CRISPR Conundrum

July 23, 2019

Strict European court ruling leaves food-testing labs without a plan. Scientists struggle to detect the unauthorized sale of gene-edited crops whose altered DNA can mimic natural mutations

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Just 50 years ago, some 1,000 small and family-owned seed companies were producing and distributing seeds in the United States; by 2009, there were fewer than 100. Thanks to a series of mergers and acquisitions over the last few years, four multinational agrochemical firms now control over 60 percent of global seed sales

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African swine fever (ASF), a deadly virus in pigs and wild boar, continues to spread in China and will almost certainly wreak havoc in other countries in Asia soon. That’s the somber conclusion from a meeting of animal health experts organized by the United Nations’s Food and Agriculture Organization (FAO) in Bangkok late last week

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Scientists have engineered swine that pollute less, fend off disease, and produce more meat, but you won’t find them outside experimental farms . . . yet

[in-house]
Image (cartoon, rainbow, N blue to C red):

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Predicting the next pandemic is tricky work. When the newborn piglets first started getting sick in October 2016, farmers in China’s Guangdong province suspected porcine epidemic diarrhea virus (PEDV) — a disease they’d seen in the pigs before. And, at first, the tests did come back positive for PEDV. But then something strange happened. By January 2017, the pigs stopped testing positive for that virus — but kept getting sick

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Foam from cow lungs can be transformed into a lifesaving treatment for premature infants struggling to breathe. We take you to a slaughterhouse in Canada where an unusual sort of craftsmen retrieve this precious liquid before it’s shipped around the world

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Gene editing can change an animal’s sex

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In Weathersfield, Vt., a town once dotted with small milking farms, about 60 cows peacefully chew hay at their home on Fuller Farm. They are the last remaining dairy herd in Weathersfield, and they’ll be auctioned off this week. This is a growing trend in the changing dairy industry — in the state and beyond

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